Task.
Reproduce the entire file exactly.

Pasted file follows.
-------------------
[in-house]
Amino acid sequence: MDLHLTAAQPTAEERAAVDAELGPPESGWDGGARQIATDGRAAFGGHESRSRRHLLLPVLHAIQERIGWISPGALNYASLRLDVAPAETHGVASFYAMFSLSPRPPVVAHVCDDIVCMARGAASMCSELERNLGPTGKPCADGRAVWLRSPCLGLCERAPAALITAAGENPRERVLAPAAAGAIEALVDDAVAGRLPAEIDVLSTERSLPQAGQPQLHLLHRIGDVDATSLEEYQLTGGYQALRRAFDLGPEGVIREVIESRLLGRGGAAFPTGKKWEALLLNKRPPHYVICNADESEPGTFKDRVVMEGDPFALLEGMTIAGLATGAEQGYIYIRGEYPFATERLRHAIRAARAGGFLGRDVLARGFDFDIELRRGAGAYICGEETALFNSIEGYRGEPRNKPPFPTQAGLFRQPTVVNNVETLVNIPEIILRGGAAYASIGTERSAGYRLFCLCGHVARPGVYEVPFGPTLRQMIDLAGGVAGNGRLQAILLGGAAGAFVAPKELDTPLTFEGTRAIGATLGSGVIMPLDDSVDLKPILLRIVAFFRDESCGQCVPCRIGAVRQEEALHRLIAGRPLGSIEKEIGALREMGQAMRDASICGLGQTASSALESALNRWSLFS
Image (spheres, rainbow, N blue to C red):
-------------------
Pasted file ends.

[in-house]
Amino acid sequence: MDLHLTAAQPTAEERAAVDAELGPPESGWDGGARQIATDGRAAFGGHESRSRRHLLLPVLHAIQERIGWISPGALNYASLRLDVAPAETHGVASFYAMFSLSPRPPVVAHVCDDIVCMARGAASMCSELERNLGPTGKPCADGRAVWLRSPCLGLCERAPAALITAAGENPRERVLAPAAAGAIEALVDDAVAGRLPAEIDVLSTERSLPQAGQPQLHLLHRIGDVDATSLEEYQLTGGYQALRRAFDLGPEGVIREVIESRLLGRGGAAFPTGKKWEALLLNKRPPHYVICNADESEPGTFKDRVVMEGDPFALLEGMTIAGLATGAEQGYIYIRGEYPFATERLRHAIRAARAGGFLGRDVLARGFDFDIELRRGAGAYICGEETALFNSIEGYRGEPRNKPPFPTQAGLFRQPTVVNNVETLVNIPEIILRGGAAYASIGTERSAGYRLFCLCGHVARPGVYEVPFGPTLRQMIDLAGGVAGNGRLQAILLGGAAGAFVAPKELDTPLTFEGTRAIGATLGSGVIMPLDDSVDLKPILLRIVAFFRDESCGQCVPCRIGAVRQEEALHRLIAGRPLGSIEKEIGALREMGQAMRDASICGLGQTASSALESALNRWSLFS
Image (spheres, rainbow, N blue to C red):